smog in the “first thousand days” of life, the “embryo-fetal period” and the “first 2 years”, a time window of maximum vulnerability for exposure to environmental toxins. Among these, numerous researches correlate air pollutants – first of all, the ultrafine Pm2.5 particulate matter – to the risk of the onset of numerous diseases”. Ernesto Burgio, president of the Scientific Committee of the Italian Society of Environmental Medicine (Sima) and member of the European Cancer and Environment Research Institute (Eceri), raised the alarm in a note in which Sima asked Lombardy to open a working table on environmental issues with scientific societies and regional institutions.
“The highest incidence of childhood cancer in Europe and the fact that one in five Italian children have neurodevelopmental disorders (one in 77 has autism) – adds Cristina Panisi, a pediatrician and member of the Sima Scientific Committee – are among the most alarming data in our country. No less alarming is the progressive increase in chronic respiratory pathology from pediatric age. These are epidemiological data that cannot be ignored and require a serious and urgent comparison between the scientific community and the institutions”.
Sima recalls how, according to the World Health Organization (WHO), the environment represents “one of the main determinants of the health of the individual”. For the experts “the progressive increase in the prevalence of numerous pathologies – immuno-allergic, endocrine-metabolic, cardiovascular, neuropsychiatric and neoplastic – finds in fact in the action of environmental factors the most plausible explanation. Staying on a watch is expensive and unacceptable. Today, substantial and targeted investment in the prevention and control of these diseases can offer a real opportunity for progress and improvement in global health. http://affectivebrain.com/?attachment_id=5776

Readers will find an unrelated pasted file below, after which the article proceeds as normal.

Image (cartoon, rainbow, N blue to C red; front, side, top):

“The Italian pediatrics has taken this alarm on board, dedicating the main scientific events of recent years to the theme of the first thousand days,” observes Burgio. For white coats, “the invitation not to create alarmism cannot de-legitimize the relevance of these issues and hide the fact that in Lombardy, as in the rest of Italy, the problem is not being addressed. The data regarding air pollution in Lombardy in recent days have been a cause for reflection, concern, and comparison for many doctors. The need for consistency and the awareness of very unfavorable environmental conditions for the health of their patients – especially the youngest and ‘on the way’ babies, still in the womb – call for the medical class to take a stand”.
A common front to face the problem
At this point, Sima proposes itself as the spokesperson for these concerns. “And it invites to share the main scientific societies in the medical field – concludes the president of the society, Alessandro Miani – requesting a comparison with the regional institutions, with the start of a working table for serious and wide-ranging projects. The invitation to hope in the rain can be accepted, but, evidently, alone is not enough”.